Exercise your critical thinking skills when you’re surfin’ the Net. Ask yourself if the site was written here or overseas. Is it intended for a local audience or a global one? Who has written this advice? Are they qualified to do so?
Back to fruit and veg…
Personally, I’m all for organic farming practices, mainly to reduce the exposure of farm workers and local communities to pesticides, and to reduce the potential for polluted run-off. But there’s danger that the promotion of organic food might have the unwanted side effect of making people who can’t afford organic paranoid of conventional fresh fruit and vegetable. The EWG itself, in its 2013 report, reminded people of the importance of fresh produce:
“Eat fruits and vegetables! The health benefits of a diet rich in fruits and vegetables outweigh the risks of pesticide exposure.”
But on the subject of pesticides…
There are very good reasons why the word “pesticides” strikes fear into people’s hearts. They can and have caused health problems, depending on the type of pesticide and (importantly) the level of exposure. Just this morning I came across an Australian study that suggests preconception pesticide exposure (mothers and fathers), and possibly exposure during pregnancy, is associated with an increased childhood brain tumour risk. Note that the types of pesticide exposure studied were the high exposures of professional pesticide treatments (such as termite eradication) in the home and occupational exposure (for example, working as a pest exterminator or farmer). Personally, I much prefer prevention and barrier pest control methods to the ‘nuke them’ approach of fumigating a home. For couples planning to conceive, it’s especially risky.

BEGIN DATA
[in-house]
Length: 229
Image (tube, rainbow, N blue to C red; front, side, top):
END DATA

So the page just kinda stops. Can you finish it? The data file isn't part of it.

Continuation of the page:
Tips for keeping your fruit and veg healthy
• Wash fruit and vegetables before preparing meals or eating. In dry weather, catch the rinse water in a bucket and use it to water the garden.
• Wash organic food, too. Pesticides aren’t the only thing we’re avoiding. Many conventional and organic farms use animal manure as fertiliser (which is great, even if it sounds gross!). While it’s nature’s way of recycling nutrients, it can also spread pathogens so wash the produce to remove any residue faecal matter.
• Wash your own home-grown produce. While you’re growing it, avoid using greywater on food plants where the edible portion is on or near the ground. For example, you can greywater fruit trees, but not the lettuces.
• Don’t use washing or rinse greywater from laundering nappies on the garden as this might also spread pathogens, such as E coli and giardia.
• Enjoy your fresh food! In balance, the health risks this post talks about are relatively small. Protect your family’s health (and reassure yourself) by practicing good food hygiene in general, don’t sweat the small stuff and season information from the internet with a grain of salt!